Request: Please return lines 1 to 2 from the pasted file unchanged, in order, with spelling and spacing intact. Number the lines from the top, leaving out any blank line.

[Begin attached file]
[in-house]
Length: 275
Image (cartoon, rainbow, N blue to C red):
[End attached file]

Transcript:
[in-house]
Length: 275